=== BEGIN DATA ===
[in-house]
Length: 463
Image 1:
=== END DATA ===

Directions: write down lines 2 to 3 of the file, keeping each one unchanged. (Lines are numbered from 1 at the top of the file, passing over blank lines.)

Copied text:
Length: 463
Image 1: